The Three Bears of Prototyping
Prototyping for too long. “For the Mac Pro, we struggled to get the extrusion right. Two components, the heat sink and inner enclosure, were supposed to be made from one piece of aluminum. But it was too hard. We wound up cutting it into two pieces, even though the industrial design team really wanted it to be one. We went so far down the path trying to get it to be one piece, but in the end, it wasn’t working. That’s when Matt Casebolt made the call to stop. It’s because he had that feeling. We weren’t going to get there in time. We all wanted to make the industrial designers happy at Apple, but at a certain point, if you’re not converging, you need to make the call. They made this call. It was the right one.”
Prototyping too short a time.
Prototyping just the right amount of time. Products are never perfect, but at some point you have to call it.
Getting to Blastoff
“Ending your iterations close to the ship date is really dangerous because of all the interdependencies. Be ready to fight for not fixing problems unless they’re non-negotiables. For example, you can decide to change the material a few weeks before the ship date. Then you’ll find out that the material change means the product is no longer waterfast, or it fails drop testing,” Kalinowski says.
Iterate Your Way To Success
Start your prototyping process by pinpointing your North Star. …Watch out for the warning signs of prototyping too long — or prototyping not long enough. Determine your stopping point by evaluating the remaining flaws you still want to address. The later you wait to make changes, the more dangerous your decisions will be. Be willing to fight for not making fixes.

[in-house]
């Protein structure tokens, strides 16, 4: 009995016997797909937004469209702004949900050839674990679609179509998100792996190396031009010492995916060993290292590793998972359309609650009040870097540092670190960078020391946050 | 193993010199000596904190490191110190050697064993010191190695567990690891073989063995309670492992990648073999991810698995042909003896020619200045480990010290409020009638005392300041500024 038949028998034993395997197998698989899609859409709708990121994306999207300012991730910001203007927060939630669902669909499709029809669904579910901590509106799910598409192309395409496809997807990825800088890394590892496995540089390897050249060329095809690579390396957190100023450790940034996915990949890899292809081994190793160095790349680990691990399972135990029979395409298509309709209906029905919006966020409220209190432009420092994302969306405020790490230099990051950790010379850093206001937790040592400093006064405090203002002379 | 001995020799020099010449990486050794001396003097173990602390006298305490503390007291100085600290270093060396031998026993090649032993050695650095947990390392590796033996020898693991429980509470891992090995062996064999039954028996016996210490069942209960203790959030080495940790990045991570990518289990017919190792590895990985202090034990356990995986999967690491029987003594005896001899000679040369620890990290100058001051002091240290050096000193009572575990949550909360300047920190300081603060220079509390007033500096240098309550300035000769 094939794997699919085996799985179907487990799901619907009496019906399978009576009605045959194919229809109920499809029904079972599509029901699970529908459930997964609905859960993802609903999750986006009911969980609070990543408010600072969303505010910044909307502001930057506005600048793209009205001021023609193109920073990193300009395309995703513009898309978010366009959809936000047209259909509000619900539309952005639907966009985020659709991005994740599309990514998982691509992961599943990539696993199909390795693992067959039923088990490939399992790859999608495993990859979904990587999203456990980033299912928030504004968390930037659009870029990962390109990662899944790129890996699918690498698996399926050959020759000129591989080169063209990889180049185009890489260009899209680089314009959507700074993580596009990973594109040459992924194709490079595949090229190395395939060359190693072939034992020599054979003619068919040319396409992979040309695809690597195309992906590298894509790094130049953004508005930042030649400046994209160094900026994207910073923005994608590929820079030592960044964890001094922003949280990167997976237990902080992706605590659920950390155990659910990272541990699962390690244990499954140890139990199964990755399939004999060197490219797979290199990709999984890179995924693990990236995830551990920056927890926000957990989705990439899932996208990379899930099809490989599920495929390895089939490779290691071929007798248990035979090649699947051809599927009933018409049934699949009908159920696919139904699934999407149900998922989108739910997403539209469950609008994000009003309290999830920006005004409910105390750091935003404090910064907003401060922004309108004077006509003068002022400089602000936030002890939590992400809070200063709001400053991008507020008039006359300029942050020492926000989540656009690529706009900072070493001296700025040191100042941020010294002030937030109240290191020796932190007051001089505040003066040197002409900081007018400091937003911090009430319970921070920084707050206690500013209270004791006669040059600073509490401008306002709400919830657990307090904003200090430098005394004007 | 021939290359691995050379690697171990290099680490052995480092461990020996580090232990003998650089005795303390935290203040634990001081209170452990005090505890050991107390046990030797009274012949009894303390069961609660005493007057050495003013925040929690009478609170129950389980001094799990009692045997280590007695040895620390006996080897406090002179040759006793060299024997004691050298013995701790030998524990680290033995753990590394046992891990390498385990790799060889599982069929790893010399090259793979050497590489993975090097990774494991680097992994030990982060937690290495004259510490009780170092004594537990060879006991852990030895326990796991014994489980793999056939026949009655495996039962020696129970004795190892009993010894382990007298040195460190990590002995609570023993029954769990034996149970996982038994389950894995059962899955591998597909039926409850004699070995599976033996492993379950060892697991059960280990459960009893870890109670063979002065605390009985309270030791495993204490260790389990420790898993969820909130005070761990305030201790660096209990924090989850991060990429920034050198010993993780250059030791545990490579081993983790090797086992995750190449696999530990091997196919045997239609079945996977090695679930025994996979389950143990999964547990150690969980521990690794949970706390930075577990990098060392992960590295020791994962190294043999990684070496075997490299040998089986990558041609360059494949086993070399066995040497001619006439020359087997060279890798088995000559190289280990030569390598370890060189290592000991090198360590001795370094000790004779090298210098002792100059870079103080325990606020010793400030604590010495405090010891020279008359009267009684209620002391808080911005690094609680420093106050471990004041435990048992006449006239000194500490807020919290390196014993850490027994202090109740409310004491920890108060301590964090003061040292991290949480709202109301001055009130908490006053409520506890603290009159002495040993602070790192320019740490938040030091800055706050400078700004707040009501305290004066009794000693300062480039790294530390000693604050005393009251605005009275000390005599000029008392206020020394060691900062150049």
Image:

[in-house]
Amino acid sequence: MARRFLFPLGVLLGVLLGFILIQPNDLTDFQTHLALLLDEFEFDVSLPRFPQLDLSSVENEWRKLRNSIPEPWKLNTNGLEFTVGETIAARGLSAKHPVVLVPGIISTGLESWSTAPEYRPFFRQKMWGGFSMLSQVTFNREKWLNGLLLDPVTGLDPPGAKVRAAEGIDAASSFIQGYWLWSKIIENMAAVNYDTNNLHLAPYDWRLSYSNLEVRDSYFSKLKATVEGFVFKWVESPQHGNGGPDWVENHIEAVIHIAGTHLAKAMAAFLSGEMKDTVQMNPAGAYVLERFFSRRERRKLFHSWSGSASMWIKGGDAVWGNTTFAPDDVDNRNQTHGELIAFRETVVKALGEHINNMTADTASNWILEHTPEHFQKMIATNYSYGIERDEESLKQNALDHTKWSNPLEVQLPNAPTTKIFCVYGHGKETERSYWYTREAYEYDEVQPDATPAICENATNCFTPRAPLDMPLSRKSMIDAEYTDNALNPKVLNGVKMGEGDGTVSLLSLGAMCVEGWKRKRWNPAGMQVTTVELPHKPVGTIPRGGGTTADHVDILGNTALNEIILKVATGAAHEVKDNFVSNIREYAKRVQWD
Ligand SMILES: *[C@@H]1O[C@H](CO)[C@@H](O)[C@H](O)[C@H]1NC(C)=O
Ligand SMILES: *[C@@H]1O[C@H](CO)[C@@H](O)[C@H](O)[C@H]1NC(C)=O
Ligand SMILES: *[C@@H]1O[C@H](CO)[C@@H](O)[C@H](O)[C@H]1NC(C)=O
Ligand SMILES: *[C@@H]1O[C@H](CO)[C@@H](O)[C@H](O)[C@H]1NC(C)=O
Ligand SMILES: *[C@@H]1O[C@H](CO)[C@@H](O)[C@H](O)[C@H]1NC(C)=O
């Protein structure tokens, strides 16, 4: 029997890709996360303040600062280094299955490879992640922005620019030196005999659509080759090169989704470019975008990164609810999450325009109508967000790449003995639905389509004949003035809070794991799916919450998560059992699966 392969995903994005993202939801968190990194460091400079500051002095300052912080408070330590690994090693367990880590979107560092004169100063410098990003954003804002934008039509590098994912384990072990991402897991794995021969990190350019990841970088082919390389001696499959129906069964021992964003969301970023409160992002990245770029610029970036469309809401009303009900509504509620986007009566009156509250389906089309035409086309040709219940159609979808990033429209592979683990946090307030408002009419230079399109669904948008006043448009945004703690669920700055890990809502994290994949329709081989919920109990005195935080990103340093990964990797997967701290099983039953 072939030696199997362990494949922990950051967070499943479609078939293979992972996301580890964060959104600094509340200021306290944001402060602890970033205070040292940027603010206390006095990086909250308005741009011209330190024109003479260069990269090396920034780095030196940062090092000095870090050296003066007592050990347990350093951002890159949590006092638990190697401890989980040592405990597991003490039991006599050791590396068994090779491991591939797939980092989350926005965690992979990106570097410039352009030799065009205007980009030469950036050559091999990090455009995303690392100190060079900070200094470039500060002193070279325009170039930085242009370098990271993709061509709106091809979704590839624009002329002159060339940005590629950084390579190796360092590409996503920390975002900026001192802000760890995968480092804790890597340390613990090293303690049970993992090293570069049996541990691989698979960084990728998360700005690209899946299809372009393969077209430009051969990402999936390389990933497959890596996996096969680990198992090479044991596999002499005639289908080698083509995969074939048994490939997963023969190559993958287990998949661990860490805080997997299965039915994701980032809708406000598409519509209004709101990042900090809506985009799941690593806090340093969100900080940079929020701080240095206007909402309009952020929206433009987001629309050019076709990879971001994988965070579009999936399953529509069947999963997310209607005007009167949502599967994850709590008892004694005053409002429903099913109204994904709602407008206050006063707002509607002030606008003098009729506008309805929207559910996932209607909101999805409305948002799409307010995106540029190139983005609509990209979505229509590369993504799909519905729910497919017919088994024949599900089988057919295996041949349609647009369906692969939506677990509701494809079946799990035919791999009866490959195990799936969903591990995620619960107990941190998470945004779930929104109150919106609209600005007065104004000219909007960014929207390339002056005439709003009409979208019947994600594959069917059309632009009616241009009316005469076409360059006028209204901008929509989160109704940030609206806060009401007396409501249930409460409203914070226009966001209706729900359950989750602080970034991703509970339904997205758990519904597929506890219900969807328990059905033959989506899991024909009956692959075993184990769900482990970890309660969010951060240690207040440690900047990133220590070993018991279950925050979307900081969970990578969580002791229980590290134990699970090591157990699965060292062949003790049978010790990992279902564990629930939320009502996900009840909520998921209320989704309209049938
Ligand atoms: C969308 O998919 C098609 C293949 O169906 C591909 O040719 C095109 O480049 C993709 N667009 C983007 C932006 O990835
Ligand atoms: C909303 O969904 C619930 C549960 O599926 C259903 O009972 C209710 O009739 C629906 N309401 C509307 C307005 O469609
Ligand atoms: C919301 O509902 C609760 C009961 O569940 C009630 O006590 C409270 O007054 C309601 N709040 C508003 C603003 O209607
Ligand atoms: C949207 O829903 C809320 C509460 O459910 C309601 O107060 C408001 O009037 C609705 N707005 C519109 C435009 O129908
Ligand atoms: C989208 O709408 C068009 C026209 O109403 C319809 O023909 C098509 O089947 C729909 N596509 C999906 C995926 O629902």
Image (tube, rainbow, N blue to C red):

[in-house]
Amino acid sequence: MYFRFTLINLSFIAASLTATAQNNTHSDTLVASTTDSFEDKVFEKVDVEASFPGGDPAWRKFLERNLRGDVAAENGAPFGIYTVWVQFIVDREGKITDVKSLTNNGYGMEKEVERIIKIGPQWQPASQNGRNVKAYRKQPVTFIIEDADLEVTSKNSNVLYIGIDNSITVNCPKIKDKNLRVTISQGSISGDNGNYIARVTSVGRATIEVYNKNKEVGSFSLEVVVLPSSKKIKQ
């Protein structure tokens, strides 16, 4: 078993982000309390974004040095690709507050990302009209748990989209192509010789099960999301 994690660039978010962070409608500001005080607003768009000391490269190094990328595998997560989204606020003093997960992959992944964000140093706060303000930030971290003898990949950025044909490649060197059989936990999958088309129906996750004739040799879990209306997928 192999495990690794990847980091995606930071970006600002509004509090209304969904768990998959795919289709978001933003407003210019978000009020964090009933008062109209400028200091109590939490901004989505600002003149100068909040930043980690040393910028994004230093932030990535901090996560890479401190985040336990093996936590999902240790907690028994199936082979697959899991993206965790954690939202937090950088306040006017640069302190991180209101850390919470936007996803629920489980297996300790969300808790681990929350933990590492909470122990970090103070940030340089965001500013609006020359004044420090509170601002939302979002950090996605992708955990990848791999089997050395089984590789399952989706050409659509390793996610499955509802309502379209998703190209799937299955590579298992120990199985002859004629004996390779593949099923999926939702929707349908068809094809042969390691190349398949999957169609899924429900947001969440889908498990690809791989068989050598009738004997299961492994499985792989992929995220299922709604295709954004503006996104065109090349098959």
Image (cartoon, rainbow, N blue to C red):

“Look on the desks of your engineers. Are they littered with ugly prototypes? If so, you’re doing something right. Engineers often say they have it in their head how something is going to work. Ask for the parts. Ask to be shown. It often doesn’t work like they think it’s going to work. …
“Finally — and this is critical — prototyping is supposed to be really fun. If it’s not fun, you’re doing it wrong. If you’re over-constraining your engineers and they’re not able to come up with really cool solutions, or they do and you squash them, that’s bad. Free your engineers to come up with things — there should be an grand excess of cool ideas. After you’ve popped the champagne to celebrate your successful ship, you can pick up the next great product from your cutting room floor.”